LOS ANGELES (Reuters) - Backers of a failed mission to launch the world’s first solar-sail spacecraft unveiled plans on Monday to try again five years later with a smaller, swifter satellite to test the limits of sunlight propulsion.
The privately funded venture, organized by the Pasadena, California-based Planetary Society, is based on the premise of spaceflight powered not by rocket fuel or chemical propellants but by streams of photons — light particles — pushing against a sail in the vacuum of space.
Some space enthusiasts see solar sailing as a first step in light-powered propulsion technology that may prove the most feasible mode of travel to distant stars.
But experts say the technology has nearer-term applications in establishing permanent solar weather stations for monitoring magnetic storms on the sun that can wreak havoc on Earth-bound communication networks and electrical grids.
The project grew out of an idea imagined by the society’s co-founders — executive director Louis Friedman and late astronomer and author Carl Sagan — to send a solar sail craft to rendezvous with Halley’s Comet in the 1970s.
The first attempt to launch such a space vehicle, dubbed Cosmos 1, ended in disaster when a Russian rocket that was supposed to carry it into orbit malfunctioned shortly after liftoff from a submarine in the Barents Sea in June 2005.
Organizers have since redesigned the spacecraft. The new LightSail vehicle, the size of a loaf of bread, is smaller and 20 times more lightweight than Cosmos but built to accelerate more quickly once its aluminum Mylar sail is unfurled in high orbit, 500 miles or more above Earth.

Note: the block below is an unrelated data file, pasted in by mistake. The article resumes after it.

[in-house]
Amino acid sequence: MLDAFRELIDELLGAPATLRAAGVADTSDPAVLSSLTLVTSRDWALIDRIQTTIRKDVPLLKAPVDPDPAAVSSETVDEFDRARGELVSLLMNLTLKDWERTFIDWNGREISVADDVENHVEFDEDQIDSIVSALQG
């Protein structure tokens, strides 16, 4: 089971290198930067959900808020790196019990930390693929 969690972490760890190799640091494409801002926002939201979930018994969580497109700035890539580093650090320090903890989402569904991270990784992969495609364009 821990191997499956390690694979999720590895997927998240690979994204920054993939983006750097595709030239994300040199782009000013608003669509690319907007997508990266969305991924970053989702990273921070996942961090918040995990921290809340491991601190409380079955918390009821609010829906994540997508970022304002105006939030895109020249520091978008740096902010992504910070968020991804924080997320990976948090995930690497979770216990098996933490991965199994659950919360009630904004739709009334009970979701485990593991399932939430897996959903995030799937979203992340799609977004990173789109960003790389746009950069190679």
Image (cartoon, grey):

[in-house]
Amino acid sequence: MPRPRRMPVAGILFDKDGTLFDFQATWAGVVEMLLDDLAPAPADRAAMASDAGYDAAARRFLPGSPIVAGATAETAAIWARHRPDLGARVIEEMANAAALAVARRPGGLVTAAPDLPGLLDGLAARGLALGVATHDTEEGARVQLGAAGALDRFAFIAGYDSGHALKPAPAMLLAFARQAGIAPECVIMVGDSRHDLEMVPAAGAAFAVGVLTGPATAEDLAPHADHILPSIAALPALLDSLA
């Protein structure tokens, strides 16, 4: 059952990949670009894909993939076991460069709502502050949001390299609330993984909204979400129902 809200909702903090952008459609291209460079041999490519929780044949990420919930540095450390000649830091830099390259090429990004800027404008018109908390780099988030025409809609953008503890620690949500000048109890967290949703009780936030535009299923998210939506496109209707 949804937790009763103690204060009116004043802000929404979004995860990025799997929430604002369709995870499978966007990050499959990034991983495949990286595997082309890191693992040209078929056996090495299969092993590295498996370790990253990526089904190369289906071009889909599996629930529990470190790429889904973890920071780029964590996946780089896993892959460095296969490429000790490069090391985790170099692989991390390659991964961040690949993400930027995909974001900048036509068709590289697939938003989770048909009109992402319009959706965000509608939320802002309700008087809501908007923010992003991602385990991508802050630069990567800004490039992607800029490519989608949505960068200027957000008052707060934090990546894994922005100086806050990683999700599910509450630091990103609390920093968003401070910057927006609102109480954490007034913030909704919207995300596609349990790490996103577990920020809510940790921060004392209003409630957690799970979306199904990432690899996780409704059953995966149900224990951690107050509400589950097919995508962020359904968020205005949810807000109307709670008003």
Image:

That’s about twice as high as the usual orbit of NASA’s space shuttle, said the Planetary Society’s Bruce Betts.
The sail consists of four triangular blades that combine into one large square about 16 feet wide and 5 microns thick — one-quarter the thickness of a plastic trash bag.
No launch date has been set. But backers plan to have the LightSail-1 ready to go as early as the end of 2010. They are looking at various U.S. or Russian launch options, Betts said.
Once LightSail reaches its initial orbit, mission controllers will test its novel propulsion system by trying to use the force of sunlight exerted against the craft’s sail to push the satellite higher above Earth, Betts said.
Subsequent missions of LightSail-2 and LightSail-3 will seek to demonstrate longer-duration flights to even higher orbits, and ultimately to a point beyond Earth orbit that affords better observation of the sun.
Ultimately, for voyages deep into space away from the sun, the spacecraft would need additional propulsion supplied by a laser beam directed at its sail from Earth to supplement fading sunlight reaching the vehicle, Betts said.
Editing by Eric Beech